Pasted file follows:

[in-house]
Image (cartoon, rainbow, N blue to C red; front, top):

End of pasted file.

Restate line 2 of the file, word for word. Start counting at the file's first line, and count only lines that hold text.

Image (cartoon, rainbow, N blue to C red; front, top):